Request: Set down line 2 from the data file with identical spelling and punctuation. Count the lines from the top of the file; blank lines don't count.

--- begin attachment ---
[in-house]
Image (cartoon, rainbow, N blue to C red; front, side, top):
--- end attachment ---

Image (cartoon, rainbow, N blue to C red; front, side, top):